Ole Miss football has not yet confirmed Britt’s signing.  Kiffin, though, has been retweeting reports of Britt’s flip on his personal Twitter account as well as the recruit’s own tweets.

Britt is a four-star 2020 recruit.  Coming out of high school in Miami, he’s rated as the No. 44 player regardless of position in the state of Florida.  247Sports.com’s composite has him listed as the No. 9 athlete in the country. Only two signees in the Rebels’ class this year are rated higher than Britt.

At this point, it’s unclear whether Britt will start his collegiate career as a wide receiver or a defensive back.

Ole Miss football currently has the No. 34 recruiting class in the country.  That would also be 12th in the 14-team SEC.

Re-Buff’d? Eric Bieniemy reportedly pulls name from Colorado search

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We don’t know yet who will be the next Colorado football head coach.  We do know (again), though, who it won’t be.

When Mel Tucker left for the Michigan State head job earlier this month, it triggered an unexpected coaching search at Colorado.  Current Kansas City Chiefs offensive coordinator and former Colorado football Eric Bieniemy was immediately considered the front-runner, although speculation of late had him staying in the NFL.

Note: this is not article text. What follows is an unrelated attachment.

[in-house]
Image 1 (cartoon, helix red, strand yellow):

Overnight, Mike Klis of the NBC affiliate in Denver reported that Bieniemy “notified his alma mater Wednesday night he would no longer seek the job.” ESPN‘s Adam Schefter subsequently confirmed that Bieniemy has withdrawn his name from consideration.

Klis wrote that, “[a]lthough Bieniemy never formally interviewed for the CU head job, he and school officials stayed in contact either personally or through his agent, even while he and his family kept a long-scheduled, 5-day vacation.”

The 50-year-old Bieniemy was a running back with the Buffaloes in the late eighties, finishing third in the Heisman Trophy voting his senior season.  He began his coaching career at his alma mater as running backs coach in 2001-02.  He returned to Colorado football in 2011-12 as offensive coordinator.

Since 2013, Bieniemy has been a member of the Chiefs coaching staff.

So, to where does Colorado football now turn?  Air Force’s Troy Calhoun has seemingly taken the front-runner mantle in some corners — he interviewed for the CU job this week — while former Arkansas and Wisconsin head coach Bret Bielema is in the mix as well.  Alabama offensive coordinator Steve Sarkisian also interviewed for the job this week.  Like Bieniemy, the former USC and Washington head coach has opted to remain in his current job.

Since being rebuffed by both Sarkisian and Bieniemy, it’s believed that Colorado has decided to expand its search for the next head football coach.  That, of course, would mean the search could drag on into next week.